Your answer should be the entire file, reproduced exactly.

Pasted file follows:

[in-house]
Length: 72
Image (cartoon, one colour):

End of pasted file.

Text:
[in-house]
Length: 72
Image (cartoon, one colour):